Wednesday, February 22, 2017

Seeing proud IDF soldiers with disabilities give it everything they've got

Alan Wolk and wife Roni, left, along with Special in Uniform Director Tiran Attia and soldiers. 

Through services for those with special needsJNF works to ensure no member of Israeli society is left behind. During February, we join the Jewish community at large to mark Jewish Disabilities Awareness and Inclusion Month. Here,
some thoughts from the co-president of JNF Atlanta and chair of Special in Uniform's U.S. board of governors. 

By Alan Wolk 

We just returned from our third trip to Israel, and as usual, the experience was terrific. We enjoyed the hustle and bustle of Tel Aviv, the spirituality of Jerusalem, the breathtaking hilltop views in Haifa, and the artistic communities in the Golan. And we loved the food wherever we went. You can’t beat the chocolate babka from Israel! The rest of our trip was spent deep-diving into several Jewish National Fund programs near and dear to our hearts.

As I've been involved with JNF’s Task Force on Disabilities and now chair the committee for Special in Uniform (one of four JNF programs supporting special needs populations in Israel), we were invited to visit two Special in Uniform ("SIU") units in Tel Aviv. Special in Uniform is a unique program that integrates young adults with autism and other mental and physical disabilities into the IDF and, in turn, into Israeli society. Its core belief is that everyone belongs and has the right to reach his or her full potential. The program focuses on the unique talents of individuals to help find an IDF job that perfectly fits their abilities (not their disabilities) and provides support and counseling throughout the participants' time in the program.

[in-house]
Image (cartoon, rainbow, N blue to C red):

The author on an air force base, feeling the full power of the IDF. 

Tiran Attia, SIU director, gained security clearance for us to visit the SIU unit at Tel Nof Air Air Force Base. Here we were, surrounded by immense helicopters and fighter jets, feeling the full power of the IDF. But it was the humble captain and the SIU soldiers who greeted us inside a conference room with a heartfelt message and a surprise that moved us the most. We were shown to a plaque on the wall dedicating this SIU unit in memory of my brother. I felt a rush of emotion. I couldn’t help my older brother Phillip, who was profoundly disabled, but maybe in some small way, I could help these courageous young people. After pictures and a quiet talk with the captain, we moved on to the workplace of the SIU unit to see these soldiers with disabilities working alongside "typical" soldiers and commanders. 

One SIU soldier was Yakov, a young man with Down syndrome. His is a story of perseverance. Yakov grew up on a kibbutz, and when he was 18, he approached an officer in the enlistment office, explaining his devotion to the IDF and the Jewish state. He was immediately told his condition would prevent him from serving in the army. But Yakov didn’t give up. "In the kibbutz everyone goes to the army," he said. "These are the values of my family. It’s something that’s been with me since childhood." Special in Uniform believed in Yakov and he's now in charge of taking bulk minor parts, breaking them down, and shipping them to the other air force bases. He is proud of his role and happy to be a part of the IDF! 


Witnessing a Special in Uniform soldier at work.